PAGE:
Manohar Parrikar, the original ‘aam aadmi’

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Manohar Parrikar (1955-2019)

In a video clip from an alumni day function at IIT Bombay in 2014, the four-time Goa Chief Minister and former Union Defence Minister Manohar Parrikar — who passed away on Sunday evening after a prolonged illness — is described as the “original Aam Aadmi”.

Dressed in his trademark half-sleeved shirt and floaters, Mr. Parrikar had an image of an accessible yet go-getter politician.

Helming the party

Mr. Parrikar’s political trajectory runs parallel with the rise of the BJP in Goa. He was born in 1955 in Mapusa, in then Portugese-ruled Goa. It was only after Goa’s liberation in 1962 where the right wing politicians played pivotal role that the RSS took root in the State.

In the 1970s, the teenage Parrikar joined the RSS. After completing a degree in metallurgical engineering from IIT Bombay, he resumed working with the organisation. At just 26, he was Sanghchalak of Mapusa. It was the RSS that pushed Mr. Parrikar to the BJP to counter Maharashtrawadi Gomantak Party.

Mr. Parrikar’s sangfroid self often hid the astute politician he was. In 1994, for the first time, the BJP sent four legislators to the Goa Assembly. Mr. Parrikar was one of them along with the current Union Minister Shripad Naik. The parallel run of Mr Parrikar and Mr Naik ended here. Mr. Parrikar soon outstripped Mr. Naik, who was the BJP State President from 1990 to 1999, to become the first BJP CM of Goa in 2000. Mr. Naik left State politics to become the first BJP MP from the State in 1999.

“Together with Mr. Parrikar, we built RSS and BJP from ground up. We built its cadre from booth level and would knock on each and every door propagating the BJP’s ideology,” Mr. Naik told .

 

Once he took over the centre stage in the State, Mr. Parrikar never conceded the position to anyone else in the party. Even as the Defence Minister in 2014, he would often spend time in the State, visiting Goa every weekend.

One of his political achievements was to develop the Goa Model of the BJP, positioning the right wing party away from narrow Hindutva bracket to a larger and more inclusive Goan identity. He even managed make the Catholic Church a BJP ally in the State.

Mr. Naik describes Mr. Parrikar as a hardworking and “aggressive” Chief Minister — a description that the Congress leaders who have been usually receiving end of his aggressive politics would agree with.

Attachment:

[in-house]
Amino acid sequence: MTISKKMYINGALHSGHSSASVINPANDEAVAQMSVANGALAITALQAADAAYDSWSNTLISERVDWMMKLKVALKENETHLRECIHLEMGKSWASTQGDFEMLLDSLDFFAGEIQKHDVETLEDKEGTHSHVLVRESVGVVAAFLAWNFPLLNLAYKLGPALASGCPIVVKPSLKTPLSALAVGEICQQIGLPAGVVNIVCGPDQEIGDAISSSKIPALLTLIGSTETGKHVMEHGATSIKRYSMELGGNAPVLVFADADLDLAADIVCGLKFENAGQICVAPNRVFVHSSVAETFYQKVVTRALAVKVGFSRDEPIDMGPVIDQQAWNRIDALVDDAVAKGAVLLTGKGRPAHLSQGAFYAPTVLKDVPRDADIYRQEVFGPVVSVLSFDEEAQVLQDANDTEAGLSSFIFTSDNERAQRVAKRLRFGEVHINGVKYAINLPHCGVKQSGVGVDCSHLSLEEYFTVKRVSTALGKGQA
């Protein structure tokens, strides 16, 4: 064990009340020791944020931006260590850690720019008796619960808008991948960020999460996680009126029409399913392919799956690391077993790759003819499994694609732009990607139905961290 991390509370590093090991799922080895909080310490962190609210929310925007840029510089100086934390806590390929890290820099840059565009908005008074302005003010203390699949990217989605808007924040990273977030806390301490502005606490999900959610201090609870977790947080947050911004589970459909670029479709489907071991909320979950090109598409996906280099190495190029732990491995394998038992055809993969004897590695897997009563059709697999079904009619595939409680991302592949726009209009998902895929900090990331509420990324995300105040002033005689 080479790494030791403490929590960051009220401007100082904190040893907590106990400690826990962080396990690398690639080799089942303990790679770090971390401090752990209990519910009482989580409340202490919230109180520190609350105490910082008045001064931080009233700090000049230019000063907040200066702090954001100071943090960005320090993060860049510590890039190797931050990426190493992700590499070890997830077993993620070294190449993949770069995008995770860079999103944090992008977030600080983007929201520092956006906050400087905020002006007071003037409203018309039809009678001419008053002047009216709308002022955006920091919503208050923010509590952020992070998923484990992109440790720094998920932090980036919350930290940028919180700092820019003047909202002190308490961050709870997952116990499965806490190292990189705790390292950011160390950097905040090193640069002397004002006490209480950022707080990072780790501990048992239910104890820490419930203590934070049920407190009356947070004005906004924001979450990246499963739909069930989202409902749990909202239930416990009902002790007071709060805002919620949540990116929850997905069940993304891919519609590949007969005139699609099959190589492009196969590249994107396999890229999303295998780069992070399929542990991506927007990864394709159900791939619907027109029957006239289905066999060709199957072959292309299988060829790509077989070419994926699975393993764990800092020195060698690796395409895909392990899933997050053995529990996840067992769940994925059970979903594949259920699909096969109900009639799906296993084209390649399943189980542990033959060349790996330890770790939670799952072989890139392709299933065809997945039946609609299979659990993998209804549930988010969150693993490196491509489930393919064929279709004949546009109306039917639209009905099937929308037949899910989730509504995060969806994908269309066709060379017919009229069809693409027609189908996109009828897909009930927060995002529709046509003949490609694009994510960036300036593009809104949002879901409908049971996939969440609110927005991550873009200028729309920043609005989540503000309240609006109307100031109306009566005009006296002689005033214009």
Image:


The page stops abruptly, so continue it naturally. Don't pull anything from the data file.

“He was known for his manipulative politics. He kept files on every politician in the State including those in his own party and the opposition. His own Health Minister Vishwajit Rane was heard in audio tapes claiming that Mr. Parrikar has the critical Rafale files carrying critical proof against Prime Minister Narendra Modi. This was nothing new to him,” Goa Pradesh Congress Committee president Girish Chodankar said.

Earlier this year, in January, Congress president Rahul Gandhi met Mr. Parrikar in Goa a day after tweeting about the “audio files” that he claimed gave the Chief Minister powers over Prime Minister Narendra Modi.

His close associate Sushant Nadkarni, who has been advocate general of Goa for over a decade and a personal friend, describes Mr. Parrikar as a workaholic, a hard taskmaster and a person who put the State on the development map of the country. And whatever differences he might have had with BJP leaders were only because he was “straight forward”.

“He sacrificed the post of Defence Minister to return as CM of Goa. Without him, the BJP floundered — from 21 seats they came down to 12 seats. It was on the insistence of the alliance partners that he came back to take the post,” Mr. Nadkarni says.

Mr. Parrikar also has the distinction of helming the 2016 cross border surgical strike. Lt. General D.S. Hooda, who was the chief of the Army’s Northern Command at the time of the strike, describes Mr. Parrikar as sharp and decisive. “I found him very sharp and quick in grasping the problems. He was equally empathetic towards a soldier’s requirements. Often he would request us to let him speak directly to the soldiers, have a cup of tea with them to discuss their needs and requirements,” Mr. Hooda said. The other army officers, however, claim that he rarely got support from the bureaucracy as many of his promises fell through.

Mr. Parrikar also played a critical behind-the-scenes role in the 2013 Goa National Executive meeting of the BJP, which saw the announcement of then Gujarat Chief Minister Narendra Modi as the prime ministerial candidate for the 2014 elections.

Veteran leader L. K. Advani stayed away from the meeting over the expected announcement. It ended with the announcement of Mr. Modi not just as the PM candidate but as the party’s main election campaigner. Mr. Modi has more than once acknowledged Goa’s role in his success and praised Mr. Parrikar while in Goa.

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